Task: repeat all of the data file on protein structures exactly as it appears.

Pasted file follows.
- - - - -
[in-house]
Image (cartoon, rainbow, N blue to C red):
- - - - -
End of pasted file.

[in-house]
Image (cartoon, rainbow, N blue to C red):